8 large flat mushrooms (about 10 cm diameter)
½ cup (125 ml) extra virgin olive oil
sea salt and ground black pepper
1 tablespoon thyme leaves
2 large roma (plum) tomatoes, thickly sliced
1 large (320 g) beetroot, peeled and coarsely grated
¼ cup (60 ml) apple cider vinegar
2 avocados, stones removed, flesh diced
small handful mint leaves, chopped
1 Lebanese (short) cucumber, halved lengthways, seeded and coarsely grated
It’s cheesecake, but not as you know it. Soaked cashews are blitzed with coconut cream and a touch of maple syrup to make a divine creamy ‘cheese’ filling, while chopped sunflower seeds and coconut oil combine to make an earthy, nourishing base. Studded with antioxidant-laden berries, this ticks all the boxes.
Tips: Using a blender rather than a food processor will give you a finer, creamier filling. Coating your measuring cup lightly in coconut oil will help the maple syrup glide out easily when you add it to the mixture, so you won’t waste any!
2 cups (300 g) raw cashews
1 cup (150 g) sunflower seeds
1½ cups (115 g) shredded coconut
¼ cup (60 ml) rice malt syrup
1 tablespoon melted virgin coconut oil
pinch sea salt
½ cup (125 ml) coconut cream
½ cup (125 ml) melted coconut oil, extra
¼ cup (60 ml) pure maple syrup
3 teaspoons pure vanilla extract or paste
125 g fresh or thawed frozen raspberries
125 g fresh or thawed frozen blueberries
extra fresh berries or fruit, to serve
When I talk about detoxing, I don’t just mean a once-a-year thing – I mean action you can take every day to encourage the body’s natural detoxification processes which occur through the skin, lungs, liver, kidneys, colon and lymph nodes. Every day we are exposed to toxins through pollution, cheap clothing, pharmaceuticals, unfiltered water, pesticides, preservatives and other lifestyle factors. Though our bodies go through a natural detoxification cycle each night as we sleep, the detoxifiying organs can become overloaded and need some help every now and then to eliminate the toxins which have built up, typically in fat stores. See a detox as a gift to your body – you’ve earned it.
Drink plenty of water. I drink around 2.5 litres of filtered water each day. As some of our major organs are largely made up of water, it makes sense to start here. Drink one large glass when you wake up, before eating, followed by a warm cup of water with lemon to help alkalise your system.
Eat more high-fibre fruits and vegetables, such as avocados, broccoli, artichokes and leafy greens like bok choy and spinach. All these promote a healthy digestive system and they also contain digestive enzymes which improve nutrient absorption and digestive function, helping to reduce or eliminate bloating.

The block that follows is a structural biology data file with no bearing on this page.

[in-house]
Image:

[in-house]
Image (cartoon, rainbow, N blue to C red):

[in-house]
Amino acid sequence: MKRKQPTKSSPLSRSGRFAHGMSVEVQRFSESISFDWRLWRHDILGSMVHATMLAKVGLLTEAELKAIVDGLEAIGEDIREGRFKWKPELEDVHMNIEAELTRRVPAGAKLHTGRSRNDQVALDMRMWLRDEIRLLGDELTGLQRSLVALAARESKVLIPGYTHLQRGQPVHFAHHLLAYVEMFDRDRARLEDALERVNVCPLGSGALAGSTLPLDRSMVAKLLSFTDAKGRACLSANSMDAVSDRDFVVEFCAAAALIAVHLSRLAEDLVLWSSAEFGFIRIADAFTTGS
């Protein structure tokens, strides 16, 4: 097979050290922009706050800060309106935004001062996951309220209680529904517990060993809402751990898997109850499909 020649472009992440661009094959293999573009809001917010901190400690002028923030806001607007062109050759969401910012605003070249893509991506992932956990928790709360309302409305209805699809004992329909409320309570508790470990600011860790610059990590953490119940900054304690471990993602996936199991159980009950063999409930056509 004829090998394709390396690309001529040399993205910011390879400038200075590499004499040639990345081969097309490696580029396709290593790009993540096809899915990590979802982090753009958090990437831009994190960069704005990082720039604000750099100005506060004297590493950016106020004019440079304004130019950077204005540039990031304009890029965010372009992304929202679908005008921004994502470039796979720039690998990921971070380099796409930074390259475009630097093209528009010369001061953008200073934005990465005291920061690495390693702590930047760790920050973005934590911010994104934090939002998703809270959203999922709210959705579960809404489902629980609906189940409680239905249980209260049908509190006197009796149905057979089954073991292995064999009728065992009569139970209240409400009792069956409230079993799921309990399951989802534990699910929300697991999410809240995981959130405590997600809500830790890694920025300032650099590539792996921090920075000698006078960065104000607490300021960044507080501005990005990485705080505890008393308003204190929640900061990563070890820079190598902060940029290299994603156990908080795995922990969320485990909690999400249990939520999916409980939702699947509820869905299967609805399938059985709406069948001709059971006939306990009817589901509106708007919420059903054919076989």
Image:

Practise dry-body brushing. Each day, before showering, use a dry body brush to massage the entire body, starting from the feet and working upwards towards the neck in a circular motion. This is a great way to improve blood circulation, stimulate the lymphatic system and lymph drainage, brighten skin, unclog pores and reduce fluid retention. Shower afterwards to wash away impurities and dead skin cells.
Clean your tongue, not just your teeth. As we sleep, there is a build-up of toxins in our bodies, which we need to expel when we wake by going to the toilet, brushing our teeth and scraping our tongues (with a teaspoon, or ‘tongue scraper’). We all wake with morning breath and a white or yellow coating on our tongues – this is the body’s reminder that it’s done its job overnight. The coating is the residue of toxins, and is thicker when you’re sick or under stress.
If you and your body need a little more, recalibrate your digestive and immune system by undergoing a 3–5-day detox at least once a year. Listen to your body – it will tell you when it’s time. You might have sore knees or aching joints, feel lethargic after eating, or have headaches, constipation, bad skin, bad breath or excess perspiration. These are all signs that there is a build-up of toxins in your system.
To recalibrate and give your body a break, cut out high-fructose fruits (such as bananas, apples, pears, stone fruit, grapes and dried fruit), alcohol, caffeine (coffee and black tea), dairy, gluten and sugar. If you eat animal protein, limit yourself to steamed chicken or fish. If you want to take it to the next level and do a juice, smoothie or soup fast, it’s a good idea to talk to your dietitian, naturopath or integrative doctor first.
More Kitchen Tips
The Shed: A place of retreat, where we can forget the pressures of everyday life, work on a treasured project, store all those keepsakes we can't bear to throw away, or spend time with friends or with ourselves in silent meditation.
Photographer Simon Griffiths has an eye for the beauty of ordinary things; in Shack he showed us the eccentric living spaces and holiday homes that Australians have made out of simple dwellings. Now he takes you to peek inside some of Australia's most intriguing sheds. From fabulously cluttered artists' studios overflowing with creativity and inspiration to evocative abandoned ruins, these sheds will make you look at your own in a new light. A shed is a place of possibility; it can be anything you want it to be.